This, alas, is all too typical of American media’s religion coverage. We journalists ignore or downplay the role religion plays in the everyday life, or we take a naive viewpoint toward exotic religions practiced by people unlike us.
And Dreher makes the connection that jumps out at me, and would jump out at any sensible person who is not wearing PC blinders:
For years, I’ve watched this instinct show itself in the way most in the mainstream media cover Islam in America. Reporters are eager to find positive stories and often allergic to stories that might, in their minds, give aid and comfort to rednecks, right-wingers and other so-called undesirables. Once I attended a news meeting in which an editor angrily declined to look into substantive evidence that local Muslim institutions were teaching Islamic radicalism to youth by barking, “What about Jerry Falwell and Pat Robertson?! We never write about their radicalism!”
This instinct accounts for much of the reporting we criticize here at RRW. It has disastrous consequences in some cases — the example Dreher gives in the above paragraph, and the failure of most of the media to report honestly on problems with Somalis wherever they settle. It was probably such an unwillingness to criticize an “exotic” culture and religion that kept reporters from learning about the radicalization of Somali young men in Minneapolis, until they actually went off to join al-Shabab in Somalia and actively joined the jihad. And it has prevented local reporters, with a few honorable exceptions, from delving into the problems Somalis and other groups cause in the towns where they settle. As Rod Dreher says, of the example he gives above,
As if the Christian televangelists were comparable to Osama bin Laden. As if they were even relevant. The story — an important one — never was written. In that case, an editor who knew little about religion interpreted religious data through a partisan culture-war lens. He chose by omission not to give the newspaper’s readers a picture of the world as it is, but rather of the world as he wishes it were.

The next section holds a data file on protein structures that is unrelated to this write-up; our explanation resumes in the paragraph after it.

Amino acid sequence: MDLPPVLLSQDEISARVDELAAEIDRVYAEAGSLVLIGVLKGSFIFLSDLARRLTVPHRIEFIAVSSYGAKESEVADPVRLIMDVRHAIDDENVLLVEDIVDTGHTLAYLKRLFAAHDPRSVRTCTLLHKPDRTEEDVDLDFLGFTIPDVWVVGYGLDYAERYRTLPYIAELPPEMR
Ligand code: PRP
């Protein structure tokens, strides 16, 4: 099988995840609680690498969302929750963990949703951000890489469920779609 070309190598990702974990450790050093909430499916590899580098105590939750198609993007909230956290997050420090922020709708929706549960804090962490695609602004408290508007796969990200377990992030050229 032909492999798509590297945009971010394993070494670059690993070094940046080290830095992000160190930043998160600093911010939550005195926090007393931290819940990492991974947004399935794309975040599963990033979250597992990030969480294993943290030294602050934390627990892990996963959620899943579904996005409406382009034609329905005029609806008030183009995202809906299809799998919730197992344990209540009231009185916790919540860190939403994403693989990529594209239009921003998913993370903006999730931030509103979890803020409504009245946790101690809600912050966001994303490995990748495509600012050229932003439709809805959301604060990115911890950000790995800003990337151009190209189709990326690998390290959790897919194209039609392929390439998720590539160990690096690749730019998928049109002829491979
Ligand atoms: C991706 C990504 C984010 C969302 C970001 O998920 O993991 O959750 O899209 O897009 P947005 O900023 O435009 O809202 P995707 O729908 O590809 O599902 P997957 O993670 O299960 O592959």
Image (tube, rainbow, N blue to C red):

What a putdown of other cultures and religions this attitude is. They are used simply as weapons in the culture war, not taken seriously as systems of thought that form the worldview of actual people. As Dreher puts it:
… time and time again I’ve seen journalists who fail to get the dictum set down by the indispensable media criticism blog GetReligion.org: “It’s impossible for journalists to understand how things work in the real world if they do not take religion seriously.”
Here’s why. In his influential 1948 book Ideas Have Consequences, Richard Weaver identified a person’s “metaphysical dream of the world” — that is, the way the world works at its most basic level — as the foundation of one’s thoughts and conduct. This is the realm of religion — or of no religion at all, because scientific materialism offers its own particular view of the structure of reality.
And his conclusion is exactly right:
A world in which most people believe that reality is governed by the occult caprice of the gods will be a very different place than a world in which people believe events can be explained according to either a Christian or a scientific materialist metaphysic. It’s as legitimate to ask what role voodoo plays in Haiti’s fathomless social troubles as it is to ask the same question about fundamentalist Islam in the Middle East, conservative Christianity in the Bible Belt, or militant atheism in the land of academia. And it’s as necessary.